Our district was recently assigned a new sales manager. He has told my colleague and me that we don't need offices and has made no effort to re-accommodate me in any way. Is it standard policy for a company not to provide adequate working space for its employees?
Our district was recently assigned a new sales manager. He has told my colleague and me that we don't need offices and has made no effort to re-accommodate me in any way.
Is it standard policy for a company not to provide adequate working space for its employees? I asked our manager how I would make phone calls to prospect and conduct daily business. He told us to go out and just knock on doors.
I find this unprofessional, condescending and lacking sales management fundamentals. Can you offer any advice on how to move forward with this situation? --Fran
To answer your first question, no, it's not standard (or smart) not to provide adequate working space for employees.
Sometimes it's hard to make sense of seemingly counterintuitive statements and decisions made by upper management. In this particular case, it appears there might be more going on than you've realized.
Is it possible you haven't met or exceeded the expectations of your boss? If so, this could be driving his new decisions.
It's time to take an objective look at your situation to determine if you have somehow made it onto your boss' blacklist. Bosses are usually not bothered with the concerns of employees whose names reside on this list.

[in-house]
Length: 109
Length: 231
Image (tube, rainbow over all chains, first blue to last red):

What's that? You've never heard of a blacklist? Pull up a chair, my friend. It's time for a little story.
Once upon a time, in a castle on a hill, there was a very busy kitchen manager named Claude. He was over-committed, over-worked and just plain strung out. The Evil Lord was putting crazy demands on him for more and more hedonistic banquet fare. Bigger cakes, more stuffed pheasant, dishes of exotic fruits -- the demands were never-ending.
In those days, resources were limited and poor Claude had to work day and night locating hunters and importers to provide the raw materials, as well as manage the cooks and workers in the kitchen. It was a 24-hour-a-day job. And if Claude failed, he might not only lose his job -- he could lose his life.
Finally, the pressure got to him and Claude started making bad management decisions. He looked for new ways -- any ways -- to improve the performance of his team to meet the unreasonable expectations of the Evil Lord. But the poor workers were doing their best, working their fingers till they bled at times. No matter to Claude.
The slowest workers upset him so much, he started a list of those he planned to have blackballed -- literally, pummeled with black balls. He'd have that done just as soon as he could find new workers to replace those on his list. And so the blacklist was created.
Interested in learning how to stay off the blacklist? Check my next Career Q&A column on Nov. 6 to read more.Molly Luffy, MBA, is a local business coach who helps people shift from surviving to thriving at work. Send your work-related questions to firstname.lastname@example.org